Jump to content


Photo

lighting for 16mm


  • Please log in to reply
8 replies to this topic

#1 kelly tippett

kelly tippett
  • Basic Members
  • PipPip
  • 64 posts
  • Other
  • Columbus, Mississippi

Posted 04 November 2006 - 03:28 AM

I'm going to be using 16mm in a feature with a lot more than one location. (hope cam tests go good) I've done some reg 8 years back, and spr 8mm, but this time I'm going to need to understand lighting for 16mm. And I can control the fstops on this film camera- that freedom rocks. Are there any good light meters (inexpensive ones) out there that someone might suggest? And if so where at? Any other tips are very much welcome. If it helps, it Looks to be that I'll be using black and white, 7266. But color is not ruled out at this point plus maybe the next project will be color. The kodak url info on this b&w film is below.

http://www.kodak.com...s...8.8.4&lc=en
  • 0

#2 Jonathan Bowerbank

Jonathan Bowerbank
  • Basic Members
  • PipPipPipPip
  • 2815 posts
  • 1st Assistant Camera
  • San Francisco, CA

Posted 04 November 2006 - 07:02 PM

The Sekonic Studio Deluxe is a good beginners meter: http://www.sekonic.c...ucts.asp?ID=109

Be sure to check it against a higher end meter before using though, just to make sure it's accurate.

If you got the dough, get the Dual Master, it rocks, and it has a reflective meter as well

:)
  • 0

#3 Thanasis Diamantopoulos

Thanasis Diamantopoulos
  • Basic Members
  • PipPip
  • 99 posts
  • Cinematographer
  • greece

Posted 05 November 2006 - 01:21 PM

I'm going to be using 16mm in a feature with a lot more than one location. (hope cam tests go good) I've done some reg 8 years back, and spr 8mm, but this time I'm going to need to understand lighting for 16mm. And I can control the fstops on this film camera- that freedom rocks. Are there any good light meters (inexpensive ones) out there that someone might suggest? And if so where at? Any other tips are very much welcome. If it helps, it Looks to be that I'll be using black and white, 7266. But color is not ruled out at this point plus maybe the next project will be color. The kodak url info on this b&w film is below.

http://www.kodak.com...s...8.8.4&lc=en


HI

SECONIC is a very good exposure meter also minolta and gossen are also good enouph. Why are you shooting reversal film and not negatif? Reversal is good for first timers to learn exposure.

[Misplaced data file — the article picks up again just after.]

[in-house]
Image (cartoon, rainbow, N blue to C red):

• 0

#4 Jonathan Bowerbank

Jonathan Bowerbank
  • Basic Members
  • PipPipPipPip
  • 2815 posts
  • 1st Assistant Camera
  • San Francisco, CA

Posted 06 November 2006 - 02:14 AM

I didn't notice before, but yeah. If you're shooting a feature why are you shooting Reversal film?

Shoot negative, your post-production workflow will thank you for it

:)
  • 0

#5 kelly tippett

kelly tippett
  • Basic Members
  • PipPip
  • 64 posts
  • Other
  • Columbus, Mississippi

Posted 07 November 2006 - 01:58 AM

I'm going to mini dv and from what i understand negative has more grain. I'll take any advice.
  • 0

#6 Corey Bringas

Corey Bringas
  • Basic Members
  • PipPip
  • 50 posts
  • Cinematographer

Posted 07 November 2006 - 07:10 AM

so you're shooting a feature lenght film, with little to no understanding of lighting/film itself? I recommend you start by shooting some shorts.. I think there is a misunderstanding and that is probably what you are doing. In that case reversal is great to start with. It is great as a way to first get your hands dirty without having to fork out the money in post processing. BTW- negative does not have more grain. Negative is the standard when it comes to shooting anything of professional quality (unless you're going for the revearsal look of course.) Are you shooting super 16 or just 16? What camera? I typically like to over expose about a stop as I find this more accurately depicts the true rating of the stock. Give us more info about the project! Exteriors, Interiors, day/night?
  • 0

#7 kelly tippett

kelly tippett
  • Basic Members
  • PipPip
  • 64 posts
  • Other
  • Columbus, Mississippi

Posted 07 November 2006 - 07:05 PM

so you're shooting a feature lenght film... Give us more info about the project! Exteriors, Interiors, day/night?